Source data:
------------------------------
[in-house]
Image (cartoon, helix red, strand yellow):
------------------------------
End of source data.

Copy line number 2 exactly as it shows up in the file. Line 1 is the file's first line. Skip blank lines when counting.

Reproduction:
Image (cartoon, helix red, strand yellow):